Bistability

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Bistability is a particular case of multistability, the property of a system to reside in different stable steady-states without being able to rest in intermediate states [1].

Properties of bistable systems

  • Feedback

Often, bistable states are maintained by the help of positive feedback, negative feedback on the other sate players, self-catalysis.First decribed by Monod and Jacob in 1961 [2]. Often found in combination.

  • Ultrasensitivity

Characteristic of the system to respond to stimulus in a non linear fashion, contribute to a "all or none" behavior. Ultrasensitivity can arise by multiple ways, including cooperativity. It account for the emergence of threshold levels of activation of a given transition.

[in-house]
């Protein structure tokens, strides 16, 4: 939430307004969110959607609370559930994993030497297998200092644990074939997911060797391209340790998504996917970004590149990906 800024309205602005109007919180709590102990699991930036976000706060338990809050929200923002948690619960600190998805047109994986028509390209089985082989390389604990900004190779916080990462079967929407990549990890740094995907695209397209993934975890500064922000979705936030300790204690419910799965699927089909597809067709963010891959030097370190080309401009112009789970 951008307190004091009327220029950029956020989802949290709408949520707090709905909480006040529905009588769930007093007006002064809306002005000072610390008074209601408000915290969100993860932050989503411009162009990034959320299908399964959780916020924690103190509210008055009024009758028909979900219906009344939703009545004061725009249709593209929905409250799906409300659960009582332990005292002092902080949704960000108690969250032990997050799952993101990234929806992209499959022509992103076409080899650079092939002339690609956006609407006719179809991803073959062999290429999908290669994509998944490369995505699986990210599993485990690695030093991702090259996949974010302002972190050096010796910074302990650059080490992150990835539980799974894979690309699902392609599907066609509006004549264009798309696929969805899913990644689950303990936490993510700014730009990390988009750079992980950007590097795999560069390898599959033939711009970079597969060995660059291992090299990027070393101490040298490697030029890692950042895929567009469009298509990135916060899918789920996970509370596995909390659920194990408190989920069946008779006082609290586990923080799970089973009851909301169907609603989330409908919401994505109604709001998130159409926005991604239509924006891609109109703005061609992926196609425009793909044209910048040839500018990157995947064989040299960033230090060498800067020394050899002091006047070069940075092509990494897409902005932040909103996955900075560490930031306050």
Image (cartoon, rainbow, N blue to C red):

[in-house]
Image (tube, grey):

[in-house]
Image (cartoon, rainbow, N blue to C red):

• Hysteresis

History dependent behavior, kind of memory also here. An example of hysteresis is the liquid-to-gel transition of agarose- you need to heat it at around 90°C to liquefy it, but to maintain it at only 60°C to keep it liquid. In biology, key example include the lactose operon, or the activation of cdc2-cyclinB1. In both case the system requires less stimulus to maintain the state than for switching to this state. The refractory period in neuron stimulation is also a good example see here.